A new and invigorated Avaya Holding Corp. is taking shape, as witnessed by the announcement Friday of three new executives joining the company and the launch of the Avaya Enterprise Cloud yesterday at the company’s partner and user conference, Avaya Engage, in Orlando.
Joining the organization are Amy O’Keefe, who will serve as chief financial officer (CFO), Omar Javaid, who will serve as chief product officer, and Josh Mueller, who becomes chief marketing officer. All three have held senior positions with organizations ranging from Dun & Bradstreet and Google to Dell Technologies and Motorola.
The news comes following an announcement last month that the Morristown, N.J. firm had successfully emerged from the bankruptcy reorganization process with a “growth-oriented capital structure that includes upwards of US$650 million in liquidity.
“Today we turn the page and enter a new future for Avaya, our people and our customers,” said Alan Masarek, Avaya’s chief executive officer (CEO). “We are moving ahead with significant financial resources to accelerate investment in our portfolio as we continue delivering innovation without disruption to our customers.”
In announcing the appointments, he said “as the company enters a dynamic new chapter, the extensive industry and management experience of these executives will help us rapidly build on the leadership position we have established in customer experience.
“We operate in a very competitive technology industry, and seasoned executives like Amy, Omar and Josh could choose to work anywhere. Their decision to join Avaya is strong affirmation of the company’s potential and validates that we have set Avaya on the right path for our customers, partners, and employees.”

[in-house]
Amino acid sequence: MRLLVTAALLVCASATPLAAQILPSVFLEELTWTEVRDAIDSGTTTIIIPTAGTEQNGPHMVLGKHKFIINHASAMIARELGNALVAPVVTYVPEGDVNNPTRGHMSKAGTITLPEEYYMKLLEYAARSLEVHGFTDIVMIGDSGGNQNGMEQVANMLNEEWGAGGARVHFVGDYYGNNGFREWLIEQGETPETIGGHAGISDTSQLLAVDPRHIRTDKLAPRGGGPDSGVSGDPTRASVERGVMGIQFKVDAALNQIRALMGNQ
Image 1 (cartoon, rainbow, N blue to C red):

According to a release, the new Avaya Enterprise Cloud “provides a dedicated software instance hosted on Microsoft Azure for contact centre and unified communications functionality. The (offering) enables organizations to pursue hybrid cloud models by hosting parts of their communications infrastructure in a dedicated cloud instance, while integrating seamlessly with premises-based technology – a capability in high demand from large enterprises everywhere.”
Tim Sherwood, global vice president of product management at Avaya, said that “most large contact centres have premises-based call routing systems that are both complex and highly bespoke. These systems have very long lifespans, and customers have little appetite for enduring the disruption, and fundamental business risk, that replacing them entails.
“But every business is somewhere on the journey to the cloud – whether that’s to consume more advanced functionalities, to rationalize parts of the infrastructure, or simply to reduce the need to manage premises-based architectures.”
The cloud offering, Avaya added, builds on an expanding technology alliance between it and Microsoft follows the “technical direction set by Avaya Experience Platform,” the company’s cloud-contact-as-a-service (CCaaS), which is also hosted on Microsoft Azure.
Hybrid deployments, said Jim Lundy, CEO and founder of Aragon Research, “give organizations the flexibility to take advantage of the known benefits of the cloud, while preserving their existing investments.”